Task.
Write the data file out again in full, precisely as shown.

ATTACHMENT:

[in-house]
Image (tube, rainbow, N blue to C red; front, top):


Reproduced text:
[in-house]
Image (tube, rainbow, N blue to C red; front, top):